Goodrow helps Lightning beat Hurricanes 2-1 in series opener
RALEIGH, N.C. (AP) — Andrei Vasilevskiy turned away almost everything, while Barclay Goodrow came through with an opportunistic go-ahead goal midway through the third period.
And just like that, the Tampa Bay Lightning responded to another road environment with the confidence forged amid last year’s Stanley Cup championship run.
Goodrow beat Alex Nedeljkovic at 12:39 of the third period and Vasilevskiy had 37 saves, helping the Lightning beat the Carolina Hurricanes 2-1 on Sunday night to open their second-round playoff series.
Brayden Point also scored for the Lightning, who weathered a high-energy start from Carolina and continued the Hurricanes’ postseason frustrations on the power play.
Vasilevskiy was the key in both. He had 15 saves in that first period with the Hurricanes buzzing out of the gate backed by a rowdy home crowd of more than 16,000. Carolina also went 1 for 5 on the power play.
“He can just track the puck so well,” defenseman Ryan McDonagh said. “Never gives up on a puck and just stays to his strengths out there. ... We know he’s a big backbone back there.”
The Lightning swept the first two games at Florida in their six-game first-round series, then handed Carolina its first postseason home loss after its six-game series against Nashville. Game 2 in the best-of-seven series is Tuesday night.
Goodrow’s winner came when he headed left against Carolina defenseman Brady Skjei, then shot from a sharp angle on the left side. Nedeljkovic dropped down but left space between his pad and the post — and the puck slipped through to break the 1-1 tie.
“The puck had eyes, obviously,” Tampa Bay defenseman Victor Hedman said. “But good things happen when you shoot the puck. That was a good example of it.”
It was a mistake for Nedeljkovic in another otherwise strong performance with 28 saves.
“It’s no use hiding it ... it was a bad goal,” Carolina coach Rod Brind’Amour said. “He made a lot of good saves tonight, too. That’s part of it. We’ll bounce back and he’ll bounce back. We’ve got to score more than one to win anyway. That’s the way I look at it.”
That lead held, with the Lightning holding off Carolina’s final minute with the empty net and extra attacker in a desperate tying attempt.
Jake Bean scored on the power play to tie it early in the third for Carolina, which entered with home-ice advantage after winning the Central Division.
This marked the sixth time in seven playoff games that Carolina has surrendered the first goal.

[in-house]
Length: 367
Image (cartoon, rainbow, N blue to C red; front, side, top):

“I think we have another level,” Bean said, adding: “We knew this wasn’t going to come off without any kind of adversity.”
Tampa Bay didn’t have defenseman David Savard due to an upper-body injury. Then the Lightning saw fellow blue-liner Erik Cernak go down when he got sandwiched between Carolina’s Andrei Svechnikov and Victor Trocheck in a collision near the boards at 18:15 of the second.
Cernak eventually got up and skated slowly to the tunnel, leaving the Lightning with five defensemen.
Coach Jon Cooper said Savard is considered day to day, while he expected Cernak would be OK.
Carolina winger Nino Niederreiter sat out with an upper-body injury that forced him to leave Saturday’s practice early. At the time, Brind’Amour said he didn’t anticipate it being a problem even as he listed Niederreiter as questionable.
But on Sunday night, Brind’Amour said Niederreiter was “very, very doubtful” to return for this series. That’s a significant blow for Carolina’s offense considering Niederreiter had 20 regular-season goals and one during the Nashville series.
Niederreiter’s absence opened space for Cedric Paquette to make his playoff debut for Carolina — and against the franchise where he played from 2014-20.
The NHL had approved an increased attendance for PNC Arena with the installation of a 500-ton chiller to increase air flow while ensuring integrity of the ice despite the rising temperatures outside.
Carolina had about 5,000 fans to close the regular season, then upped that to about 12,000 for the Nashville series after the state eased COVID-19 restrictions. The official figure for Games 1 and 2 of this series is 16,299, roughly 87% of the building’s normal 18,680-fan capacity.
David Ayres — the Zamboni driver and kidney-transplant recipient who memorably won a 2020 game in Toronto for the Hurricanes as the emergency goaltender — sounded the storm-warning siren for the Hurricanes to take the ice for the third period.
Hurricanes TV color announcer Tripp Tracy along with North Carolina State women’s tennis players Jaeda Daniel and Alana Smith — who helped the Wolfpack reach the national semifinals — sounded the pregame and first-intermission sirens.
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